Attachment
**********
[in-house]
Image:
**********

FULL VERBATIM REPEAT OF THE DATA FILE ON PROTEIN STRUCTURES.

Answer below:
[in-house]
Image: